Yes. The reason.
Photography lesson 2,365,897 and 2,365,898. Street photography. Documentary photography.
I see that there is a big discussion on Photo District News about a photographer team who stopped in a small town in West Virginia. They were practicing is what a lot of people call “Poverty Porn.” Stop into some poverty-stricken place and take pictures of poor people and things. There’s all kind of porn these days. There is the porn that you think of when you hear the word porn. There is food porn. You know, when people with smart phones just have to document their meal and post it somewhere. There is little kitten and puppy porn. The list is endless.
These two documentarians from Massachusetts driving a Volvo, (How stereotypical is that?) pulled into a little West Virgina town and started taking pictures of the town’s children without so much as a hello or asking if anybody minded. Short story. Things got so out of hand and potentially violent that the state troopers were called and had to escort the photographers past the county line. True enough, it does take two to tangle. The crowd demanded the photographers images. But, still…
Here’s my take.
In New Orleans, we call it presenting yourself. I make the kinds of pictures that I do of social club members and Mardi Gras Indians because I’m a known quantity. I’ve taken the time — over a period of three years — to introduce myself around. And, even if I’m unknown to the subject I always smilingly ask if they mind. I always say thank you afterward. Sometimes, in this digital age, I show them the picture on my cameras LCD. Today’s picture is an example of what happens when you do that.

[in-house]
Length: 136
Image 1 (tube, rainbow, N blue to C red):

This cat had no idea why I wanted to photograph him, but nodded okay. I tried to explain the background, but he wasn’t sure. I showed him his picture on the LCD. Now he got it. He started posing and smiling. We parted by shaking hands.
Today I was going to write advice to newer photographers. I was going to write something about not standing across the street and taking secret pictures with a telephoto lens. I was going to write about not sneaking around and taking pictures. I was going to say that the minute you point your camera at somebody the entire scene changes. So, you might as well work closer, talk to your person of interest and let him or her know that you mean no harm and that you are just talking pictures. I was going to say that if you have a business card give them one and promise to give them a print. Then, keep your promise. Always thank them.
But, then I read the PDN story. I thought to myself “those photographers are just rude jerks.” Generally, I always have my photo brothers backs. Not this time. They claim that they do it all the time and the 99% of the time nobody says anything. So what? That doesn’t make it right. Sure. There is no expectation of privacy in public place. That’s sort of the legal phrasing. But why can’t you just do the right thing and be human.